Tuesday, 24 May 2016


The ancients, in the absence of physics and Google, used superstition to explain their world. Playthings of mischievous and often vexatious gods, human leaders sought to ally themselves with higher powers and became easy prey to soothsayers who claimed insight and offered a tantalising glimpse into the future. Not too precise, mind, nothing so specific it could ever be held up to detailed scrutiny. The perfect soothsayer would be akin to a modern-day PR practitioner, forever repeating back to the client what the client wants to hear yet appearing to remain impartially aloof and prophetic.

Eventually these high priests of doom wormed their way right to the top of society and became untouchable talismans and harbingers of continued dynastic supremacy. These days they go to Eton and become Chancellor of the Exchequer. And they use technology instead of crystal balls. The government has once again used your money and the machinery of state (which is supposed to serve you) to dole out another helping of thin, cold, fearful Brexit gruel. Using models approved by those people who approve of such things, they have fed in selective data and come up with projections in the time honoured fashion of any proud pseudo-scientist.

Now, real scientists and engineers have used computer models for years; models based on hard, known repeatable facts, such as the properties of materials or chemical reactions or natural phenomena, such as gravity. Feed in the right numbers and you get accurate, reliable output; information which can predict with some certainty the amount of concrete needed to build that bridge and how many trucks it will hold. They can tell you when the sun will rise and set and predict eclipses hundreds of years in the future. Most importantly, computer models allow you to vary the inputs and see the consequences without spending a fortune getting it wrong.

But such powerful tools have to be carefully handled and a hard-learned lesson of early days is summed up by the acronym GIGO - garbage in, garbage out. The government guessing machine is now spewing out so much garbage it is beginning to attract rats and disease. Well, two can play at that game, to which end I have coded a special spreadsheet whose algorithms are arranged such that the desired outcomes are entered and the necessary inputs are reverse engineered to suit.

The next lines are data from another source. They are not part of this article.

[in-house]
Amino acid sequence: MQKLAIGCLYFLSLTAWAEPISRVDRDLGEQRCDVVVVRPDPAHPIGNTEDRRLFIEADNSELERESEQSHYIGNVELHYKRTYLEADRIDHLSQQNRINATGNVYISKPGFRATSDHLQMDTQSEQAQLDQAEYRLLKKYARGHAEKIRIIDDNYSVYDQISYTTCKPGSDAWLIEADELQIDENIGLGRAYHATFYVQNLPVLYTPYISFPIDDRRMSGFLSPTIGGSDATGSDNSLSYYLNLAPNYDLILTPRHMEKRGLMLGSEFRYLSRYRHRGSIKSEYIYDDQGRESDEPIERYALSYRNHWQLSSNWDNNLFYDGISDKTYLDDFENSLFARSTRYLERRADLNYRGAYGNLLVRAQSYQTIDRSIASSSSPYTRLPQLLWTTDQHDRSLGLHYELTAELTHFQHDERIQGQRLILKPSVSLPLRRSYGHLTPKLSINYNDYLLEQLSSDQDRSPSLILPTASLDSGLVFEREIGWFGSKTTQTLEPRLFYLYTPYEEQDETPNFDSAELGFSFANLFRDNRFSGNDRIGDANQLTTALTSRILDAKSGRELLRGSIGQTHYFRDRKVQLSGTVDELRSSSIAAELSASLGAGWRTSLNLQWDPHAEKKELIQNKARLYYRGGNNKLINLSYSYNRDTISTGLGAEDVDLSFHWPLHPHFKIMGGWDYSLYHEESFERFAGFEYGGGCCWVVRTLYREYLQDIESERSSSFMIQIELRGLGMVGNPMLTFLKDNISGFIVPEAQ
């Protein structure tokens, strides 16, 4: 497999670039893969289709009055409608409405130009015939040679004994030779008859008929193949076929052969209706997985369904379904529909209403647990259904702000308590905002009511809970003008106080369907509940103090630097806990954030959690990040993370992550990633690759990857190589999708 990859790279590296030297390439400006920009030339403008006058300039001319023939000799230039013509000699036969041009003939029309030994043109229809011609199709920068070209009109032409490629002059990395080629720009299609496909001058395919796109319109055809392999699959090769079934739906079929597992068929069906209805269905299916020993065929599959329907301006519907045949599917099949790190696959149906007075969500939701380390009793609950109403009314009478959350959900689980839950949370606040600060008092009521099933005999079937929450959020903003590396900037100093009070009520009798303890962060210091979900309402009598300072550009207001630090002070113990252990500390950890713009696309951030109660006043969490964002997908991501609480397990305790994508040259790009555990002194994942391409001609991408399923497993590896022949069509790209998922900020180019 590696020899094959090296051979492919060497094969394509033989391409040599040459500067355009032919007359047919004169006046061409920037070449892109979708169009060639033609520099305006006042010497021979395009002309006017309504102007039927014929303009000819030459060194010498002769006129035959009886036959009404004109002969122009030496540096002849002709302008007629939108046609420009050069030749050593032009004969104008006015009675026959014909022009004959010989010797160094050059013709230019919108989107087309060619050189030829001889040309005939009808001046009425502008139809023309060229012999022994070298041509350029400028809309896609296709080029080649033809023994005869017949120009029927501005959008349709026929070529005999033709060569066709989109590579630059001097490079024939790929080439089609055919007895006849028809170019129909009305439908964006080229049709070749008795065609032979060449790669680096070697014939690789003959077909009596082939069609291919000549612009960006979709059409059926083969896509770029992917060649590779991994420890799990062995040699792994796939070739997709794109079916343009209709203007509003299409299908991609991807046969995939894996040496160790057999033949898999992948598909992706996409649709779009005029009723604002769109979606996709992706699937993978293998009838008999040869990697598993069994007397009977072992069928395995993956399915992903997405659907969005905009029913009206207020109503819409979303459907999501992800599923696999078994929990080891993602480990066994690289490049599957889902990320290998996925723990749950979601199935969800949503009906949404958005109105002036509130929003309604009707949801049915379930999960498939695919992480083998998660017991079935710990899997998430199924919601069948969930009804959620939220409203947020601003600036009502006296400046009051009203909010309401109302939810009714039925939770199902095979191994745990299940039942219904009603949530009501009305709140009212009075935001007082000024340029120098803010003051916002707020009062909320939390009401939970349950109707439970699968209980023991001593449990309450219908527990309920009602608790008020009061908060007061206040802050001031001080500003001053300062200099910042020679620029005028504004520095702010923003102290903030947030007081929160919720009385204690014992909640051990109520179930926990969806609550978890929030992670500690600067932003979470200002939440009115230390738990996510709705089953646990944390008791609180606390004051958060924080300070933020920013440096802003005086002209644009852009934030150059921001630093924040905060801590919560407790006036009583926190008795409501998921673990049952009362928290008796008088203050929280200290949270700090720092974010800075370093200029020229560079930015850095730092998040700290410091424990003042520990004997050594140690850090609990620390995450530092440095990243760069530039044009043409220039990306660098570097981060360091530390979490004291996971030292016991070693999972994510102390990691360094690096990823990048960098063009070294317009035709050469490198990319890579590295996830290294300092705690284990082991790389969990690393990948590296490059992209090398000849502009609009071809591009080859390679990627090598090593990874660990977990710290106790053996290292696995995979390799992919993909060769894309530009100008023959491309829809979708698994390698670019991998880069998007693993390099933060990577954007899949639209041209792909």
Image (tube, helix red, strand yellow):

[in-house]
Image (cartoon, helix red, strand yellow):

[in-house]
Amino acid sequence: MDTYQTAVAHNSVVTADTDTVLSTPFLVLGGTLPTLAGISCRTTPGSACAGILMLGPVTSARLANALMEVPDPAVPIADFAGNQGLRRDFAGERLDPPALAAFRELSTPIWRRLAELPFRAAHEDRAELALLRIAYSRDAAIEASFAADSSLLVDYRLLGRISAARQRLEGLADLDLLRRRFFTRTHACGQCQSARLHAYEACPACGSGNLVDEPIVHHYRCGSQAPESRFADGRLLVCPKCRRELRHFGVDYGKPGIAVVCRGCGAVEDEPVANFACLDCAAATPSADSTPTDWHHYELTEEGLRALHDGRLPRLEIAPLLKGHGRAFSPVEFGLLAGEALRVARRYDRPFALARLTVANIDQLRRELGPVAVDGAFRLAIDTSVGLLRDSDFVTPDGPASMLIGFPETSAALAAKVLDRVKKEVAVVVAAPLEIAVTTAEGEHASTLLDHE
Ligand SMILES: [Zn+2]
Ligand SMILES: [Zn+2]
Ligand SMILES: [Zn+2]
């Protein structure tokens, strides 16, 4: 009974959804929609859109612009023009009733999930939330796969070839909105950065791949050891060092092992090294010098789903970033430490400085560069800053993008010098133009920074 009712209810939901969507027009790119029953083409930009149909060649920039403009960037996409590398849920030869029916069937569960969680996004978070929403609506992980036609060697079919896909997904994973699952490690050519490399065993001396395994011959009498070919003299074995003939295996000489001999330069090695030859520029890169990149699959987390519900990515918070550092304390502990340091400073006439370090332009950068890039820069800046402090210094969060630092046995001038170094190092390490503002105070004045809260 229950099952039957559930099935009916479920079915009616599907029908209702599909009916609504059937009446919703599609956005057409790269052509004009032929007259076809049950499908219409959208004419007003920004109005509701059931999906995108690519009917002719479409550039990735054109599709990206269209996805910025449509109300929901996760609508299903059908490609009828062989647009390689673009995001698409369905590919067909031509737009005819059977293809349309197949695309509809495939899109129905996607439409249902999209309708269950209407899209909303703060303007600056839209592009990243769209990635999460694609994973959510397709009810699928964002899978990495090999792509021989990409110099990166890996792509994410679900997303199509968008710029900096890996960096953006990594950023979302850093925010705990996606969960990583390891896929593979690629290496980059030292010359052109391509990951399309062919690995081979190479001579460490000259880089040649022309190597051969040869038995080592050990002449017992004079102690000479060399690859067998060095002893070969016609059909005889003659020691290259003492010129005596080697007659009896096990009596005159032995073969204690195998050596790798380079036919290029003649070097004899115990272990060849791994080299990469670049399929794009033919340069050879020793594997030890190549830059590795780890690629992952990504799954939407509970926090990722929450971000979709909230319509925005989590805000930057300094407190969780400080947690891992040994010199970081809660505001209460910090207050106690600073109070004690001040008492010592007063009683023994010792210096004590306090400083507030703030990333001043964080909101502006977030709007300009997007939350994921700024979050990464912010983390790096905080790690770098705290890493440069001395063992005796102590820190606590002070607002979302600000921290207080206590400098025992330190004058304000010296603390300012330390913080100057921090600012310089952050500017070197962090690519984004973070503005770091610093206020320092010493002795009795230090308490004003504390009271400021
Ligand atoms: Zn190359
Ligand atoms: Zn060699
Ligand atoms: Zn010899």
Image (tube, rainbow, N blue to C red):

Thus, if I want to show global warming, it carefully selects from known information the required data sets to produce that conclusion, omitting any inconvenient truths such as this utterly normal May weather we’re having. Should I wish to forecast a reduction in migrant figures it points me at the most suitable year-on-year figures to compare. And if I want to demonstrate the absolute truth about what an existential disaster Brexit will bring, why I just tell the application to recreate 1978-1979, the famous year of discontent.

It says here: 'Everything he says and everything he does...'
Government 'scientists' discover new 'facts'.

But David Cameron’s chickens may be coming home to roost as a new generation of John Major’s bastards renounce his ill-considered logic and defy his stance on the EU. For a fee I’m sure I could get my app to forecast his political survival. It might even be possible to select from the pile of evidence actions that exclude the current finagling and misuse of the instruments of state. I could turn his forecast DIY recession into a DIY vote of confidence. But I fear there is only so much bullshit any system can take.

1 comment:

  1. I have come to the conclusion that most of us are mushrooms because we thrive best when we are kept in the dark and fed bullshit from time to time. A few of us are like flowers and are at our best in the light and everything is in the open. Then there are some who are like weeds who greedily eat up anything around them and choke off competition. Which one are you? Not you Batsby you like me are a flower.